As of the third quarter of 2008, there were almost 100 million multichannel TV households. Cable has about a 66% share, satellite has 31%, and telcos just 2% to 3%. Satellite growth slowed sharply in the past two quarters and is expected to go toward zero in the next few quarters.
About 70 million U.S. households now have high-speed Internet. Cable has a 55% market share, which has grown slightly over the past year as its share of net adds has risen from the low 50s to the 70s. The telcos have fallen behind, because the competition has been about speed, and low-end DSL has become the new dial-up.
The U.S. now has over 102 million wireline access lines. Cable is also ascendant in wireline telephony. Over 6 million access lines have been lost in the past year, with the major telco losses rising from 6% year over year to 9%. The telcos have lost 11 million lines while cable has gained 5 million. Telcos still have an 82% market share, but cable telephony has become popular and accepted and now has north of 19 million subscribers.
So far the competition among cable and telcos has focused on features and bundles rather than price says RealMoney. Telcos do offer four-product bundles, but thus far wireless has largely remained outside the bundle.
This could change in 2010 if Clearwire is able to offer cable access to its network. With cable then offering a four-product bundle, the competitive dynamic could change. For example, cable is likely to offer a one-number solution whereby your wireless phone works on your home network when you are dialing from home.
The SNL Kagan study – “U.S. Multichannel Projections” – estimated that cable’s market share will drop from its current 64 percent to 59 percent by 2012 due to increased competition from telcos and satellite video providers.
The top five ISPs (AT&T, Comcast, Verizon (FiOS and DSL) and Road Runner/America Online), have a combined market share of 48.2 percent, says ISP Planet.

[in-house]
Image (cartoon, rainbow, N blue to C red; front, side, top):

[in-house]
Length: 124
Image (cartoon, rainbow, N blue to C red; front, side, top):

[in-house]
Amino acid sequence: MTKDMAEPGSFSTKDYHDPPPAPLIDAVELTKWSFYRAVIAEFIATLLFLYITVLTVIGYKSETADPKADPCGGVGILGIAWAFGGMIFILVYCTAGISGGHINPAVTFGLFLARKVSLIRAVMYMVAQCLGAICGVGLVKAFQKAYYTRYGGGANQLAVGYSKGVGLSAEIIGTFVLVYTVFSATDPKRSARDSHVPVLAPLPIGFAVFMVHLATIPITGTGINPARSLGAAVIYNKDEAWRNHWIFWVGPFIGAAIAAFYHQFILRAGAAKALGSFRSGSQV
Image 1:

More than 90% of all U.S. mobile subscribers use either AT&T, Verizon, Sprint or T-Mobile. Mobile data is starting to take off. The 102 million mobile Internet subscribers represent 39% of global wireless subscriptions, and a 32% increase in year over year growth since Q2 2007.
Text messaging is still the leading data function, accounting for about 65% of total data revenue, according to Informa. But Nielsen reports a steady rise in the number of mobile Internet subscribers, and a faster increase in revenue. Only one in five subscribers surf the mobile Web, but some 37% of US adults age 18 to 24 use their phones to access the web, according to the Mobile Marketing Association.
UMTS (3G) is becoming widespread (see chart above), with more than 160 million UMTS subscribers worldwide on 203 UMTS networks in 85 countries. Informa Telecoms is forecasting there will be 1.3 billion 3G subscribers by 2012. But next generation “4G” (LTE) is OFDM-based, requiring a fork-lift upgrade and a duplicative, parallel network.
Four distinct groups emerged from ABI’s survey of attitudinal and behavioral segmentation: Tech-Savvy/TV-Averse, Online/On-A-Budget, Wireless Women on Web and On-the-Go Gadgeteers.
Umm, I got distracted with all the charts and graphs. What the point? I think this post was originally about cable operators offering wireless telephony. Time for another eggnog.
Related DailyWireless articles include: Bare Knuckles in Barcelona: LTE Vrs WiMAX, AT&T: It’s LTE, Verizon: It’s LTE, Sprint: It’s WiMAX, Ericsson: Wi-Fi is Dead, Dead, Dead, Mobile World Conference Announcements, WiMAX Uncloaks FDD, NTT “Super 3G”, Xohm “Partners”?, T-Mobile: $10B in 3 Years, Nokia Siemens: LTE Works, and XOHM Live?.